Having experimented with all these aspects together and separately over the years I do think he has created a winning combo and he certainly has a lot of fans who can indorse it. You may balk at the thought of fitting this all in and I totally get that.
There are two words I’d like to introduce, that I believe can really revolutionise the way we view a morning routine: ritualand intention.
Ritual: definition – a series of actions or types of behaviour regularly and invariably followed by someone.
Intention: definition – a thing intended; an aim or plan If we think about it in this way it lightens the whole thing up. Essentially, have a plan to carry out an action every morning. And that’s it. We don’t have to spend hours or follow a certain routine to get the benefits. Do what you can in the time you have. And do what feels good to you. The beauty of this is that you can do each bit for a very short time, even one minute. Or if you’re really short on time, tune in and pick one or a few to do. Let go of the idea that a practice has to be a certain time to be beneficial. Instead start with making an intention to practice one of the above and if it feels good make the intuition to do one or a few the next day and so on. This works so well for me even if I get interrupted (which I do a lot!) I hope like me, you’ll notice how giving yourself this gift every morning creates beautiful little changes in your day.
The privilege of a lifetime is to become who you truly are.
The last few weeks have been full of changes as I have moved house, which is an interesting experience with an energetic toddler at your side. And yes I’m using the Marie Kondo method! Meaning I’m discarding anything that doesn’t bring me joy so no more holding onto things just for the sake if it. It’s amazing just how much stuff I’ve accumulated. And you know what a lot of it is? Journals I’ve kept! I love self development work and I have completed some wonderful courses in lots of different modalities. Through it all, journaling has been a constant.
I had a thought while I was clearing through all my journals, photos and sentimental items. Like everyone there have been so many changes in my life, different houses, relationships and experiences. Reading those journals I realised how painful some of those transitions have been for me and how sometimes I have been so tough on myself to just push through it and not express how I’m really feeling and what I need. The other thing that struck me was how lucky I am to have been so loved in my life. Did I really appreciate it at the time or was I caught up in feeling angry because maybe that person wasn’t supporting me in exactly the way I wanted at that time? Or perhaps I didn’t have the tools to communicate clearly?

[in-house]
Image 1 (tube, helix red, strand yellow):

What would it have been like if I could have held myself in self compassion during those times of change. If I could have been curious and been able to ask myself: Anna what do you really need right now? What are you hungry for? What would it have been like to communicate my desires to other people in my life without any drama or blame? And what would it have been like to appreciate and love myself and those people in my life, with the knowledge that we are all only ever doing our best with what we have available at the time?
Whilst clearing through my journals I was reminded of a brilliant practice for you to try. Get a pen and some paper or a journal and set a timer for 5 minutes. Begin each sentence with I appreciate myself for…. Keep doing that for 5 minutes and if it feels tough, dig deep, there are always masses of things that we sometimes struggle to recognise that we can appreciate ourselves for. Believe me, like a gratitude list, this is a simple but life changing practice especially if you commit to doing it every day.